Albania has a chance to take advantage of changes to the automotive industry’s supply model following the coronavirus (COVID-19) pandemic to help its auto-parts industry grow and integrate with the European automotive value chain, a World Bank Group report said.
Currently, Albania’s auto-parts industry is part of the European regional value chain, along with other countries in Central and Southeast Europe and the Middle East and North Africa. However, the Albania Country Private Sector Diagnostic Report (CPSD) from the IFC and the World Bank describes Albania’s auto-parts sector as “nascent” and says that other Western Balkan countries, including Bosnia & Herzegovina, Montenegro, North Macedonia and Serbia, have “established a substantial presence in the auto industry, and their automotive sectors are significantly larger than Albania’s”.
“Albania’s automotive sector is smaller than those of its regional peers, and auto parts account for less than 1% of its total merchandise exports,” it adds.
Foreign direct investors started setting up auto-parts factories in Albania over the last 10 years, drawn in by “relatively cost-competitive labour costs, improvements in economic stabilisation and the investment climate, and fiscal incentives”, said the report.
There are currently six foreign companies present, specialising in niche components such as exhaust systems, rubber parts and wiring. They include PSZ Albania GmbH, part of German Group PSZ Electronic GmbH, French automotive supplier Delmon Group and Sumitomo Electric Group’s SEWS CABIND.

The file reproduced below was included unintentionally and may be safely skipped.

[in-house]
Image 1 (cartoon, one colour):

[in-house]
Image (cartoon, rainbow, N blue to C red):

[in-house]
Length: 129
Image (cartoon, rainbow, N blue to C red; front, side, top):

Since the pandemic disrupted global supply chains, with a highly negative effect on the automotive industry, some companies have been looking for suppliers closer to their home markets.
“Albania may take advantage of the changes in the vehicle production, processes and reshoring of value chain related to COVID-19,” the report says.
“An important realignment is underway not only for automotive products, but also for production processes and players throughout the value chain. … In the aftermath of the pandemic, heightened concerns about the vulnerability of global supply chains may prompt manufacturers to move a larger share of auto production back into the European region, which could also benefit Albania.”
There are also changes with the increasing electrification of conventional and hybrid vehicles, and the growth of the electric vehicle (EV) subsector. Again, says the report, this may create opportunities for Albania to increase its participation in the European value chain.
The report says that developing the sector “could catalyse job creation by fostering the development of a dynamic, globally competitive manufacturing sector”.
“In this turbulent time, fostering a robust and sustainable recovery will require a more productive and resilient private sector,” said Emanuel Salinas, World Bank country manager for Albania.